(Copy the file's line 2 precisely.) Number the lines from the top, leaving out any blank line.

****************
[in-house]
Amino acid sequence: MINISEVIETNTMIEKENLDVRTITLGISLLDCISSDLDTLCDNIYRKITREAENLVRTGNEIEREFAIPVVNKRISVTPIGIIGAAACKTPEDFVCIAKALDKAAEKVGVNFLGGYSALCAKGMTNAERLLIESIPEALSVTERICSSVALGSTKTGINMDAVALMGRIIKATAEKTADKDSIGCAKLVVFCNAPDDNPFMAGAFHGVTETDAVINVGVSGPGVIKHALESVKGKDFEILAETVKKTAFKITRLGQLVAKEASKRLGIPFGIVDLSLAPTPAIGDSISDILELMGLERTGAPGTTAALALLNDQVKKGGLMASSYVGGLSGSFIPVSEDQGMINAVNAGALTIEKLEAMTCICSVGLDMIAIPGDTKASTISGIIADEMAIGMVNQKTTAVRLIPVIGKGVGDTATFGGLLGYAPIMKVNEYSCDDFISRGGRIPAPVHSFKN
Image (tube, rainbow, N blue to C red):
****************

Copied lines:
Amino acid sequence: MINISEVIETNTMIEKENLDVRTITLGISLLDCISSDLDTLCDNIYRKITREAENLVRTGNEIEREFAIPVVNKRISVTPIGIIGAAACKTPEDFVCIAKALDKAAEKVGVNFLGGYSALCAKGMTNAERLLIESIPEALSVTERICSSVALGSTKTGINMDAVALMGRIIKATAEKTADKDSIGCAKLVVFCNAPDDNPFMAGAFHGVTETDAVINVGVSGPGVIKHALESVKGKDFEILAETVKKTAFKITRLGQLVAKEASKRLGIPFGIVDLSLAPTPAIGDSISDILELMGLERTGAPGTTAALALLNDQVKKGGLMASSYVGGLSGSFIPVSEDQGMINAVNAGALTIEKLEAMTCICSVGLDMIAIPGDTKASTISGIIADEMAIGMVNQKTTAVRLIPVIGKGVGDTATFGGLLGYAPIMKVNEYSCDDFISRGGRIPAPVHSFKN